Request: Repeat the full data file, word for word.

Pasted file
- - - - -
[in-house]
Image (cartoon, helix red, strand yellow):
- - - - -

[in-house]
Image (cartoon, helix red, strand yellow):